Posts for: May, 2016
Aspirin has been a popular pain reliever and fever reducer for over a century. Its effect on the clotting mechanism of blood, however, has led to its widespread and often daily use in low dose form (81 mg) to help reduce the chances of heart attack or stroke in cardiovascular patients. While this has proven effective for many at risk for these conditions, it can complicate dental work.
Aspirin relieves pain by blocking the formation of prostaglandins; these chemicals stimulate inflammation, the body’s protective response to trauma or disease. Aspirin reduces this inflammatory response, which in turn eases the pain and reduces fever. It also causes blood platelets to stop them from clumping together. This inhibits clotting, which for healthy individuals could result in abnormal bleeding but is beneficial to those at risk for heart attack or stroke by keeping blood moving freely through narrowed or damaged blood vessels.
Even for individuals who benefit from regular aspirin therapy there are still risks for unwanted bleeding. Besides the danger it may pose during serious trauma or bleeding in the brain that could lead to a stroke, it can also complicate invasive medical procedures, including many in dentistry. For example, aspirin therapy could increase the rate and degree of bleeding during tooth extraction, root canal or other procedures that break the surface of soft tissue.
Bleeding gums after brushing is most often a sign of periodontal (gum) disease. But if you’re on an aspirin regimen, gum bleeding could be a side effect. A thorough dental examination will be necessary to determine whether your medication or gum disease is the root cause.
It’s important, then, to let us know if you’re regularly taking aspirin, including how often and at what dosage. This will help us make more accurate diagnoses of conditions in your mouth, and will enable us to take extra precautions for bleeding during any dental procedures you may undergo.
If you would like more information on the effects of aspirin and similar medications on dental treatment, please contact us or schedule an appointment for a consultation. You can also learn more about this topic by reading the Dear Doctor magazine article “Aspirin: Friend or Foe?”
A few days before the Oscars, Vanity Fair magazine asked Academy Awards host Neil Patrick Harris to name his most treasured possession. Was it his Tony award statuette for best leading actor in a musical? His star on the Hollywood Walk of Fame? The stethoscope he wore while playing teenaged doctor Doogie Howser on TV? No, as it turns out, the 41-year-old actor’s most treasured possession is… his wisdom teeth. Yes, you read that correctly. “Oddly, I still have my four wisdom teeth,” Harris said. “I refuse to let them go or I’ll lose my wise parts.”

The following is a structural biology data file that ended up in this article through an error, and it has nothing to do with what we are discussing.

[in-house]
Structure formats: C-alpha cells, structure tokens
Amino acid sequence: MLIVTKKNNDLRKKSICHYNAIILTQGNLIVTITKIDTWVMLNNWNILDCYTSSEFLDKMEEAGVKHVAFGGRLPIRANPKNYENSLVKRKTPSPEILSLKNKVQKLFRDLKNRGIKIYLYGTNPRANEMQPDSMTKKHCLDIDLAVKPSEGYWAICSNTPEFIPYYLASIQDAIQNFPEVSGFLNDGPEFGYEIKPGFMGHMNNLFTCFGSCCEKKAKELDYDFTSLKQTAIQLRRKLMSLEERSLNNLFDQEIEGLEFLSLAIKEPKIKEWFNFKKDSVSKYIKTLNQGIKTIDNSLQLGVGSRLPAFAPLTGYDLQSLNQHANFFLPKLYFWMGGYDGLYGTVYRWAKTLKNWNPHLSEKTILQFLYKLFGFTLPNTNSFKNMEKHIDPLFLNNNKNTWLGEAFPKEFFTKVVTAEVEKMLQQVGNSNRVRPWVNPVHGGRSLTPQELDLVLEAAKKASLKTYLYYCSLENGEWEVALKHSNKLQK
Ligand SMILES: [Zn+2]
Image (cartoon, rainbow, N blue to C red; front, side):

How odd is it for a 41-year-old to have wisdom teeth? Actually, not that odd at all. While it is true that wisdom teeth are often removed, there’s no one-size-fits-all approach to this. It all depends on whether they are causing problems now, or are likely to cause problems in the future.
The trouble wisdom teeth cause is related to the fact that they are the last molars to come in, and that molars are large in size. By the time wisdom teeth appear between the ages of 17 and 21, there often is not enough room for them in the jaw. Sometimes it’s because you may have inherited a jaw size that’s too small for your tooth size; and generally speaking, the size of the human jaw has evolved to become smaller over time.
If room is lacking, the adjacent molar (that came in earlier) can interfere with the path of eruption — causing the wisdom tooth to come in at an odd angle. The wisdom tooth can hit up against that other tooth, possibly causing pain or damaging the adjacent tooth. This is known as “impaction.” Sometimes the wisdom tooth breaks only partway through the gum tissue, leaving a space beneath the gum line that’s almost impossible to clean, causing infection. A serious oral infection can jeopardize the survival of teeth, and even spread to other parts of the body.
If a wisdom tooth is impacted, will you know it? Not necessarily. A tooth can be impacted without causing pain. But we can see the position of your wisdom teeth on a dental x-ray and help you make an informed decision as to whether they should stay or go. If removal is the best course of action, rest assured that this procedure is completely routine and that your comfort and safety is our highest priority. If there is no great risk to keeping them, as Neil Patrick Harris has done, we can simply continue to monitor their condition at your regular dental checkups. It will be particularly important to make sure you are reaching those teeth with your brush and floss, and that you keep to your schedule of regular professional cleanings at the dental office. All healthy teeth are indeed worth treasuring.
If you would like more information about wisdom teeth, please contact us or schedule an appointment for a consultation. You can learn more by reading the Dear Doctor magazine articles “Wisdom Teeth” and “Removing Wisdom Teeth.”